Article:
3. Add the four vertical support boards. I also drilled pocket holes at the corners of the inside shelves. I added the four 2×4 corners to the bottom shelf first, then I added the top shelf, and lastly installed the in between shelves. For the top and bottom shelves I used 3″ self-drilling wood screws instead of pocket holes, but be sure to predrill holes to prevent the wood from splitting.
  4. I turned my assembled rolling cart onto one side and drilled my one-inch holes for the back support dowels. Be sure to measure carefully. I centered the hole on the 2×4 and then measured up 6″ inches from the shelf. I didn’t want my back support to be perfectly centered, so I adjusted it down a bit to look right to me. Add the wooden dowels by twisting and pushing. I centered the wooden dowel so that a little was hanging out on each side. Then I used a multitool to cut the end flush.
  5. Now it’s time to sand. I sanded down all the surfaces using 80 grit paper on my orbital sander. Then I finished with 220 grit. I usually do at least three grits, sometimes four on more finished pieces, but some of the boards had a reddish tint and the whole piece was more rustic and vintage so I wasn’t concerned about a perfectly finished look. I also hoped the white wash technique would even out the different colored boards.
  6. Dust and wipe after sanding and then add a preconditioner to the wood. This quick step also allows the wood to evenly absorb the stain. It dried quickly, but wait at least 30 min. before applying your first coat of stain.
  7. Be sure to follow the instructions on your stain. I used Rove & Dwell’s farmhouse interior stain. I use a staining sponge to evenly apply the beautiful color. Once dry, I used a 220 grit sanding sponge to smooth things out. Dust and wipe, and then apply the white wash stain. The particular white wash stain I used said to not sand between coats of white wash. I applied two coats of the white wash stain. Brush it on, let it sit for 3 minutes and then I used a staining sponge to wipe up the excess. You can add extra protection by adding a layer of matte finish polyurethane.
  8. Once dry, add the non-marking casters and any other decorative brackets you want. I did not use the screws that came with the corner brackets because they wouldn’t have worked with all my pocket hole screws. Instead, I used upholstery brass nails and they look and worked perfectly. The bracket is purely decorative, so two nails hold it just fine.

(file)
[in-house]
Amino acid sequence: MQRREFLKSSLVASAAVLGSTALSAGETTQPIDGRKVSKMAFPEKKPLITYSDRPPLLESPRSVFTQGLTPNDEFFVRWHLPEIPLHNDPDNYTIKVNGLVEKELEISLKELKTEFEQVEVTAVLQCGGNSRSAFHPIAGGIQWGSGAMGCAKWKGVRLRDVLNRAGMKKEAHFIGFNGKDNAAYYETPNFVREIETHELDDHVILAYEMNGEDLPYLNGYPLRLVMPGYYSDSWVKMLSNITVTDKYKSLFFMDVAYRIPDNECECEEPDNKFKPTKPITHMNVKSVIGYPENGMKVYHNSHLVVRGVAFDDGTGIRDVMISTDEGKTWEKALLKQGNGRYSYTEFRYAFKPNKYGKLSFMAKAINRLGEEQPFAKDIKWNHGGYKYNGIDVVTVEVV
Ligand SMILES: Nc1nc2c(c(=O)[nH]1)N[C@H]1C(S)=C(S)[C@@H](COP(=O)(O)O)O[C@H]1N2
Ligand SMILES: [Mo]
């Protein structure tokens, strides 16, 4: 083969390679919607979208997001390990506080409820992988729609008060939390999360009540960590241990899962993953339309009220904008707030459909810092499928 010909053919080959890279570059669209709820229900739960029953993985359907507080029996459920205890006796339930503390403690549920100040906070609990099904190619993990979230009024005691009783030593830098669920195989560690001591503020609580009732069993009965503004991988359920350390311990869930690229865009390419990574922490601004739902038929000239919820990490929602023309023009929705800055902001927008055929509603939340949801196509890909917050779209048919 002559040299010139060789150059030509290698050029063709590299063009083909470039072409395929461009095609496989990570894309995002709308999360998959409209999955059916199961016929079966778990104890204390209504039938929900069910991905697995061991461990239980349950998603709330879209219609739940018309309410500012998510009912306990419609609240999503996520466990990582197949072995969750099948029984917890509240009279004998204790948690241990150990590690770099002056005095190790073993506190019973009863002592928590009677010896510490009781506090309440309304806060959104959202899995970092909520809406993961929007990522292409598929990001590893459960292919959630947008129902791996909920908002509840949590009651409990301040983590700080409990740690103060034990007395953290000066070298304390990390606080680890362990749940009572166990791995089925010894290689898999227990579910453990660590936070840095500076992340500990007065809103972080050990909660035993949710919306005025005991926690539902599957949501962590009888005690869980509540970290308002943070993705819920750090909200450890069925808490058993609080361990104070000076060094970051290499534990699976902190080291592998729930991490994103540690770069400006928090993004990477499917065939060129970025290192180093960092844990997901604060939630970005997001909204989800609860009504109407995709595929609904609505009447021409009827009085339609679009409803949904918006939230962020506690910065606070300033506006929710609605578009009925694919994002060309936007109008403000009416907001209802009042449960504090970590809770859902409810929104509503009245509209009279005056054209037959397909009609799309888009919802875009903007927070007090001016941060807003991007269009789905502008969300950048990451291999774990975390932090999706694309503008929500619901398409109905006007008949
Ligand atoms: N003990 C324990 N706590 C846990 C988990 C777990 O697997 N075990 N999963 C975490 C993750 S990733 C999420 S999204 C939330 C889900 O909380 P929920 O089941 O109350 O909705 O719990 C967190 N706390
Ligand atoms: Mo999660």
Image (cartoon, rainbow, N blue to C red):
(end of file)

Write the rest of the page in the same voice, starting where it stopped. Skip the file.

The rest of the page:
DIY Restoration Hardware Inspired Rolling Cart

Full disclosure: My rolling cart has a little wobble. However, once I added some decor it helped. The most frustrating part of this design is that all the wood isn’t perfectly straight and square. This is especially true when using the cheapest common 2×4 boards I could find. Even if you check for bowed boards at the store, it’s just impossible to get every board perfectly straight. I’m sure there are tricks to correcting this, but in my beginner status, I’m still learning. And even with the imperfections I’m very happy with the way this DIY Restoration Hardware inspired rolling cart turned out. It looks better than I pictured and styling it is going to be so much fun. There aren’t a lot of places this new piece can fit in this home, but I’m so excited to enjoy it until I build my dream piece for this spot. Be sure to subscribe to my blog to get decorating and DIY inspiration and tutorials – including this dream piece of furniture I will make in the future.


DIY Restoration Hardware Inspired Rolling Cart

DIY Restoration Hardware Inspired Rolling Cart

DIY Restoration Hardware Inspired Rolling Cart

DIY Restoration Hardware Inspired Rolling Cart

DIY Restoration Hardware Inspired Rolling Cart

DIY Restoration Hardware Inspired Rolling Cart

DIY Restoration Hardware Inspired Rolling Cart

DIY Restoration Hardware Inspired Rolling Cart

DIY Restoration Hardware Inspired Rolling Cart

DIY Restoration Hardware Inspired Rolling Cart

DIY Restoration Hardware Inspired Rolling Cart

DIY Restoration Hardware Inspired Rolling Cart

DIY Restoration Hardware Inspired Rolling Cart
Here’s a quick photo of the dining room – the space that faces this little nook.

DIY Restoration Hardware Inspired Rolling Cart

Well, that’s it – our new little rolling cart is done and I’m so glad I made a piece of furniture for this spot. Thank you so much for checking out this post. I hope it was helpful and inspiring. This last photo is how the cart is styled as I write this post. I’m sure it will be changing again soon, but with every little tweak I like it even more. Be sure to follow me on Instagram where I post more decorating photos and videos. Take care and be safe while building your DIY dreams.


DIY Restoration Hardware Inspired Rolling Cart